Social media ads deliver relevancy while in-app ads fall short
NEW YORK ? Executives from Celtra and Opera Mediaworks at the MMA Mobile Automation and Programmatic Leadership Forum revealed that only 6.5 percent of consumers find in-application ads relevant, while social media ads deliver 17.3 percent relevancy, highlighting the importance of hitting consumers on the right platform.
During the ?Ad User Experiences Driven by Data and Programmatic Creative? session, the executives stressed the importance of keeping the ad user experience front-of-mind when crafting new creative. Mobile ads must be exciting and emotion-invoking to capture enough attention, especially as most consumers expect wholly personalized experiences on their smartphones.
?We believe the ad user experience is a largely overlooked opportunity in the ad industry today,? said Mihael Mikek, CEO of Celtra. ?Billions of dollars are being wasted in digital, especially in mobile, because we haven?t figured this out on a massive scale.
?Advertising should be exciting. When you interrupt users, it needs to invoke some emotions.?
With more marketers growing concerned about the advent of ad-blocking solutions, most consumers? frustrations with ads boil down to one main point: a poor user experience. Consumption trends on desktop are much different than they are on mobile, meaning that brands must optimize their ad units for smaller screens with personalized features such as location triggers.
Mr. Mikek named flash sales retailer Gilt?s app as a prime example showcasing a good customer experience. Gilt?s customers can peruse customized product recommendations as soon as they open the app, which provides a more contextually relevant feeling.
?They expect phenomenal customer experience, super native, super-fast, everything in an instant, and they expect everything to be personalized,? Mr. Mikek said.
The channels on which brands target mobile users must also be heavily considered. For example, in-app ads fall low on the relevancy scale where consumers are concerned, clocking in at only 6.5 percent.
Meanwhile, 17.3 percent of users find social media ads the most relevant, underscoring this platform?s effectiveness in marketing.
Additionally, the right audience is not equal to the right message. Consumers from the same audience can be found in completely different contexts, including where they are in the purchase funnel.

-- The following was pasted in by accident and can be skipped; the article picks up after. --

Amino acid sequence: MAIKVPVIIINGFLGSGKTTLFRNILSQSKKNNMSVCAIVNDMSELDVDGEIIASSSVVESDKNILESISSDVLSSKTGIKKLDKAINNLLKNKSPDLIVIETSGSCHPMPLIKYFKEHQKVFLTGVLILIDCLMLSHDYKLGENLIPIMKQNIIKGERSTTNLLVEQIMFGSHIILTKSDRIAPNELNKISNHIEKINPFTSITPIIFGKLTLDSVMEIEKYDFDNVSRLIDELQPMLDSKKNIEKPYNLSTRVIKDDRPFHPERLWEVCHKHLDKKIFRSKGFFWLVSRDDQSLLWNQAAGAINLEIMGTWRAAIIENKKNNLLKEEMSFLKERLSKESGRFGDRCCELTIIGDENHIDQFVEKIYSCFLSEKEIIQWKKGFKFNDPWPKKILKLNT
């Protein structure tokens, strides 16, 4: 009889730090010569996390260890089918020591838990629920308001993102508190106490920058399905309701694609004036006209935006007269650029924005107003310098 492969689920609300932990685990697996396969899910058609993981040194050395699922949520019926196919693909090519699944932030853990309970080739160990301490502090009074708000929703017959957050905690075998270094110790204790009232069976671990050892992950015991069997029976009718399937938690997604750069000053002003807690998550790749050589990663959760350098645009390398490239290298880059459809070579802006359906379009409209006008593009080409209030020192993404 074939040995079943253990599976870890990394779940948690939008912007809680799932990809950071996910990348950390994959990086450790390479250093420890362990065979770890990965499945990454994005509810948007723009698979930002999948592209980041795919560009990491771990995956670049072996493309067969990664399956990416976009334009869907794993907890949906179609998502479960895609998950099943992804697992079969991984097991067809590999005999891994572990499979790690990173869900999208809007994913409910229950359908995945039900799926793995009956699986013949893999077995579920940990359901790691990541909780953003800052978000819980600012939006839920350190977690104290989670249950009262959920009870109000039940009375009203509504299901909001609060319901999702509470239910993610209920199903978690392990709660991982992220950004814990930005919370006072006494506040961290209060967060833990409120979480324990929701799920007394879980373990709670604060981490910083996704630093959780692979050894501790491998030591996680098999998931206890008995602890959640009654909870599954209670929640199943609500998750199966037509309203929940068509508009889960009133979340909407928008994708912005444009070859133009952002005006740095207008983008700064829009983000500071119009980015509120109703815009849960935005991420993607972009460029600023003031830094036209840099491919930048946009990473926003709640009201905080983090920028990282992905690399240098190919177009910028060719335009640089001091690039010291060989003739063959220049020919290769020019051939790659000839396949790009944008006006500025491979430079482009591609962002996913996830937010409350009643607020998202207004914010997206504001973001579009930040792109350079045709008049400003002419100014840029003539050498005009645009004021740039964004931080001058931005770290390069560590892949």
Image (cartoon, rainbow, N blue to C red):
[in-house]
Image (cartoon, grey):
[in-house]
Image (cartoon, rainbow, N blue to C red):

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The Opera Mediaworks executive advised marketers to create several versions of ad units, with the goal of presenting more relevant information to each individual user.
Both executives believe that ad relevancy will soon be driven by media signals and third-party audience data. This will result in a more personalized form of mobile advertising that leverages first-party analytics from brands? CRM programs.
This data will likely be channeled into software that will be able to output personalized messages at scale.
However, until this type of software is readily available for all marketers, brands should focus on developing eye-catching mobile ads with different variables for specific audiences.
A recent Opera Mediaworks campaign saw the company team up with Mountain Dew, which presented five different creatives and asked for location triggers to be placed within them.
Another campaign involved Opera Mediaworks placing dynamic messaging within ads for ABC?s The Family, based on a seven-day variable. While the ad?s content remained the same, the call-to-action to watch the show changed daily. One week prior to the series launch, users spotted the phrase ?Special Premiere March 3? emblazoned across the bottom of the ad, while consumers who saw the ad the day before the premiere saw ?Premiere Tomorrow? instead.
While some brand executives may be wary about experimenting with different types of creative, the ads? propensity to resonate well with consumers far outweighs any potential negatives. Brands can ask their ad unit designers to include complex animation, different weather triggers and different messaging based on the time of day.
?Everybody wants the attention of the user,? said Jason Collar, senior creative director at Opera Mediaworks. ?Don?t just have one creative.?